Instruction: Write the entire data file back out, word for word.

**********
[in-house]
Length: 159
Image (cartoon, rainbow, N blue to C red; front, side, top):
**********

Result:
[in-house]
Length: 159
Image (cartoon, rainbow, N blue to C red; front, side, top):